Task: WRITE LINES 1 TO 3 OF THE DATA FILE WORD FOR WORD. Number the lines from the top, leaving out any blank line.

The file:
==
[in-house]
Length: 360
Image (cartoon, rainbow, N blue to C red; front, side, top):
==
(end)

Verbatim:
[in-house]
Length: 360
Image (cartoon, rainbow, N blue to C red; front, side, top):